A guide for anyone wanting to help with jewelled gecko conservation on Otago Peninsula’s is being launched tomorrow (18 February 2011).
The Department of Conservation’s Coastal Otago Area Manager Robin Thomas will release the Jewelled Gecko/ Moko-kākāriki Management Plan at a function at Portobello. The plan encapsulates knowledge from DOC, community groups, local researchers, scientists, residents and landowners to curb population decline of the species. Much of the information in the plan resulted from public feedback at a workshop at Portobello in April last year.
“The plan explains simply the many issues involved in jewelled gecko conservation on the Otago Peninsula and provides guidance to anyone who wants to get involved in this fantastic project,” Mr Thomas said.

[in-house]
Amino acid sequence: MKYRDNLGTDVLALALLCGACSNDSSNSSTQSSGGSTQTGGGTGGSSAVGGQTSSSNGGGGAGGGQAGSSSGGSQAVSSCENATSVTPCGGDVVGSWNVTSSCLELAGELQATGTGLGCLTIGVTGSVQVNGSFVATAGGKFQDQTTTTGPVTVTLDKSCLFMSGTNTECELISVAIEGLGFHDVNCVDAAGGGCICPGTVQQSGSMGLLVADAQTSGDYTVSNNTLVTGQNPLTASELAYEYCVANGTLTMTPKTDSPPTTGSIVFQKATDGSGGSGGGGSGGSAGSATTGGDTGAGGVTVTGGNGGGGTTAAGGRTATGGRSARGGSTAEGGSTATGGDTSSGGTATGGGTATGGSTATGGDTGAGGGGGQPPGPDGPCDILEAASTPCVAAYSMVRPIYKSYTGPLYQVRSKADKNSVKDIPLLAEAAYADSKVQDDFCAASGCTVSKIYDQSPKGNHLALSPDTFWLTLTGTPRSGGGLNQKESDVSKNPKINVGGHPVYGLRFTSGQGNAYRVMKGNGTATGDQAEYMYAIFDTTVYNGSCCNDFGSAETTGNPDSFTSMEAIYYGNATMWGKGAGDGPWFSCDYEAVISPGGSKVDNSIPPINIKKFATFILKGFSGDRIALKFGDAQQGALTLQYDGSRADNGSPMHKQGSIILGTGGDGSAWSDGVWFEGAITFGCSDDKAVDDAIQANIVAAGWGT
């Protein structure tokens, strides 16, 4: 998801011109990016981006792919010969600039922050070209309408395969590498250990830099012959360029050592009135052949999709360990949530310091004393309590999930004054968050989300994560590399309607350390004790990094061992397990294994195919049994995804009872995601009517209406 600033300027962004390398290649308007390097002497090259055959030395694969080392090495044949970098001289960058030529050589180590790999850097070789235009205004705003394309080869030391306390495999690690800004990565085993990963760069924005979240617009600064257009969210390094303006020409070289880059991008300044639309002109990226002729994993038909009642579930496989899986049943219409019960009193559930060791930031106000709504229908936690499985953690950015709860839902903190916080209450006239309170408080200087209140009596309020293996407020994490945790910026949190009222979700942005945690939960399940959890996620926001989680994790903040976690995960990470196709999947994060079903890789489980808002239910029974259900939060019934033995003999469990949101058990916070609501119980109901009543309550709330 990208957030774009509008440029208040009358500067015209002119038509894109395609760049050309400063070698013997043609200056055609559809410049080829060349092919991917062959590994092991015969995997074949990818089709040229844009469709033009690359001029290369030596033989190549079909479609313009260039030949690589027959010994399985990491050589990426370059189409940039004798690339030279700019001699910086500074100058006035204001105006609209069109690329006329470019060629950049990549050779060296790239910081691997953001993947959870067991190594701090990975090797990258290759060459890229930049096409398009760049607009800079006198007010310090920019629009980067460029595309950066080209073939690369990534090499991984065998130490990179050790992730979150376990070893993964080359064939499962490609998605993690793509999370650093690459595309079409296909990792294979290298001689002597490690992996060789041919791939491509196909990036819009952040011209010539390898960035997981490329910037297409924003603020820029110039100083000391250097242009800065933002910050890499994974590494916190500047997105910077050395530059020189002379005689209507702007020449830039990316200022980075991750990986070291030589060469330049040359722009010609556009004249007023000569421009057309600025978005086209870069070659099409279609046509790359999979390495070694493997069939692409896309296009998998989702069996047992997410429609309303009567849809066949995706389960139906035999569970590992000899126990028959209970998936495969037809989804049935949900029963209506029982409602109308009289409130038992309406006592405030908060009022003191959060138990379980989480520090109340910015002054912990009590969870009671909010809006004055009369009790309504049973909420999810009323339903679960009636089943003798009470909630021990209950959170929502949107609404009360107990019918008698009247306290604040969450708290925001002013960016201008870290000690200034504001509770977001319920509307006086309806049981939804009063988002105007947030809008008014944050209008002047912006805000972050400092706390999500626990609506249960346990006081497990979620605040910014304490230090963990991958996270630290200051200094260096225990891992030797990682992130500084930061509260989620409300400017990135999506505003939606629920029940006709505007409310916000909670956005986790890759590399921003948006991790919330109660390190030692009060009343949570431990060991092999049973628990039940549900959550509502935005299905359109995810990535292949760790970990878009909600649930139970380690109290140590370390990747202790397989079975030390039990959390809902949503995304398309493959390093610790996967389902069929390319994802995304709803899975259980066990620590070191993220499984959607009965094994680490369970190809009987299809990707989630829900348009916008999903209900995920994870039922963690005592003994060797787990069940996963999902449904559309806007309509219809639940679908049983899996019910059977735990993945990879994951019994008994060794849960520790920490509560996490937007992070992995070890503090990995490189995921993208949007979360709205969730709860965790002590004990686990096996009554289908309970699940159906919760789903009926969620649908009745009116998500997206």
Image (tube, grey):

“It addresses key issues facing jewelled gecko conservation on the peninsula by providing clear direction with achievable goals, objectives and actions. It emphasises how peninsula residents, landowners, community groups and agencies can work together to achieve those objectives,” he said.
“This is very much a community owned plan. It establishes a new approach where a species management plan has been facilitated by DOC, funded by a private company (Setpoint Solutions) along with Forest and Bird (the Marjorie Barclay Trust), has involved all interested groups in drawing it together, and is then handed back over to the public for implementation.”
“This approach sets a major milestone for species conservation in New Zealand,” Mr Thomas said.
Nearly 60 voluntary actions are suggested in the 30-page plan including how locals can be vigilant to reduce poaching, trapping for pests, controlling weeds in habitat areas, how to expand gecko habitat, monitoring populations, and reporting gecko sightings to DOC.
Jewelled geckos were in the news last year after three foreigners were prosecuted for trying to smuggle geckos from Otago Peninsula.
The plan can be obtained from DOC Community Relations Officer Liz Sherwood.